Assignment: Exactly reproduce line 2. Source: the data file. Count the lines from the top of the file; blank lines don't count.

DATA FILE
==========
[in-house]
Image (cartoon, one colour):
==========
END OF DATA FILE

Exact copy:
Image (cartoon, one colour):